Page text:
Camosun to lose estimated 15 to 20 jobs; UVic cuts costs by 1.5 per cent
With the end of the fiscal year, post-secondary institutions have revealed their 2012-13 budgets – plans that forecast relatively modest cutbacks at both the University of Victoria and Camosun College.
Provincial funding to UVic and Camosun hasn’t increased, creating inflationary pressures on both institutions.
UVic’s budget reflects a 1.5 per cent, across-the-board cutback to account for a projected $2.89 million shortfall in the $310 million operating budget.
Areas exempt from cuts include student financial aid, library acquisitions, utilities, software and hardware maintenance, faculty research and travel grants, publications and medical sciences funding – which comes from from the University of British Columbia.
While UVic’s budget includes $500,000 in one-time funding to support student financial aid, it also implements a two per cent tuition increase.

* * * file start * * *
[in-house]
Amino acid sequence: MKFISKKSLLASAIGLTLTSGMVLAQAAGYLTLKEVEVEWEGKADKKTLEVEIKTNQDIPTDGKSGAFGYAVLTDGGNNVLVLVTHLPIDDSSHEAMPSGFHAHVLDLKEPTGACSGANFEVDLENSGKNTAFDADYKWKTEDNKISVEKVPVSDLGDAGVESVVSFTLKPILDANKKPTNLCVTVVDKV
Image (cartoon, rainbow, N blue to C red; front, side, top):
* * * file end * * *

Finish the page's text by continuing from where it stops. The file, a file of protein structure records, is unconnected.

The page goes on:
“We are prepared to be flexible and to look critically at our operations, and later this spring we will embark on a broader campus discussion on how best to address the fiscal challenges facing us in the years ahead,” stated UVic President David Turpin in an announcement that didn’t offer any details on how shortfalls will be addressed.
Meanwhile, Camosun College plans to account for a $2.5 million shortfall on a $104 million budget by implementing a two per cent spending cut. Job losses are estimated at 15 to 20 primarily administrative positions.
Those positions are over and above cuts caused by attrition and early retirements. The job losses also won’t affect the creation of three full-time faculty positions and one administrative position for a new medical radiography technician program. That program, slated to begin in September, was made possible through targeted provincial funding.
“It’s the reality that many organizations are facing,” said Joan Yates, Camosun's executive director of communications and advancement. “It’s not exceptional for Camosun at all.”
The layoffs at Camosun are likely to happen over the next two months as each department is assessed, Yates said.